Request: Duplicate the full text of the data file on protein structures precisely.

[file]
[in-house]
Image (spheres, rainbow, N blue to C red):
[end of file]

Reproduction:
[in-house]
Image (spheres, rainbow, N blue to C red):